Will Robots Ever Get Workers’ Rights?

With robots and machines expected to perform half of all productive functions in the workplace, companies may be wondering if their robots will ever have workers' rights.

Sounds like a ridiculous question, doesn’t it? A question that sounds like it almost belongs in terminator, is slowly becoming our reality. With robots and machines expected to perform half of all productive functions in the workplace by 2025, companies may be wondering if they need to develop any regulations to protect their shiny, new automated workers.

We can take Amazon as an example of how robotics is not as simple as we think it is.

If we were to fast forward to when AI has advanced enough to create a world with robots that can convincingly simulate human intelligence (i.e., think iRobot), we (the judiciary and governments) will be faced with an array of challenging questions regarding robots’ rights. Can a robot be harassed or abused? Can they be discriminated against? Should robots be compensated for their work and if so, how? Do robots have a right to their own union and if they were to invent something, do they own that IP?

We can take Amazon as an example of how robotics is not as simple as we think it is. Back in October 2018, the multinational tech company faced bad press after their machine-learning specialists realised that their AI recruitment ‘robot’ – which they had been working on since 2014 – was discriminating against female applicants.

Where the AI system was thought to remove human bias all together and was specifically programmed to not be biased against women, it failed.

Effectively, their AI tool had taught itself that male candidates were supposedly more preferable; it was trained to vet applicants by observing previous patterns in applications and CVs and, unsurprisingly, as the tech industry was male-dominated, most of the CVs it analysed were from men.

Thus, even though the tool was devised to be neutral and unbiased, the AI managed to single out phrases it deemed less preferable, due to the lack of them on successful applicants they previously analysed, such as ‘women’ in the phrase, ‘Chair at Women in Technology International’ in the list of recognised accreditations on the CV.

So where the AI system was thought to remove human bias all together and was specifically programmed to not be biased against women, it failed, leaving Amazon in a potentially sticky situation which could have led to litigation revolving around employment discrimination.

There are even controversial talks within the EU to give robots a ‘personhood’ status.

But if things had escalated, who would have been prosecuted? The machine-specialists specifically designed their robot to eradicate human bias. Were they negligent and did not try hard enough? Or, if they had programmed it correctly, does it fall on the AI’s shoulders, as, after all, the system was the one picking and choosing. Or will it fall on Amazon’s giant lap, as surely there is at least one human, somewhere, vetting the process?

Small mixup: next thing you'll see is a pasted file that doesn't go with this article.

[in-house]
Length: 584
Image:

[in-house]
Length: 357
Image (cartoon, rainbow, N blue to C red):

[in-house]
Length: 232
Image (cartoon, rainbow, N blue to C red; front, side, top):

In this debate, the EU are tampering with the notion that if personhood status was given to robots, they could be insured individually and be held liable for damages

There are even controversial talks within the EU to give robots a ‘personhood’ status. It feels like a surreal topic to be debating, but EU lawmakers are considering whether or not the human inventor or robot should be held accountable for their actions. In this debate, the EU are tampering with the notion that if personhood status was given to robots, they could be insured individually and be held liable for damages; thus if something was to go wrong at work, they would face the consequences. Some say it is common sense and will not guarantee that they will have the same human rights, such as marriage, but will put them on par with corporations. Others believe it is just a new way for manufacturers to avoid the responsibility of the actions of the machines they created.

This could potentially overhaul employment legislation

If responsibility lands on the robot’s shoulders, they also could be given the same rights as humans, especially in workplace situations, in order for them to better integrate and work symbiotically with their human colleagues. This could potentially overhaul employment legislation, impacting unions, workplace violence, termination, IP and a whole array of other employment issues.

And even though the philosophical elements of robot’s legal rights are far from a priority at this given time, security, privacy and safety are all high on the list of topical points of discussion that robotics will bring to the surface in the regulatory world in the next decade.

Robot’s workplace rights are actually more complex than we would have ever thought.

From whether (human) employees should be informed they are dealing with a robot – as it may not be obvious to the employee if they are liaising with someone outside their department, such as HR – to who is liable for workplace bullying, if the robot is not a legal person but is technically the harasser, robot’s workplace rights are actually more complex than we would have ever thought.

 

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